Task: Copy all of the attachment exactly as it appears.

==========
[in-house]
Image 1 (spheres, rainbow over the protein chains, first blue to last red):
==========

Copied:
[in-house]
Image 1 (spheres, rainbow over the protein chains, first blue to last red):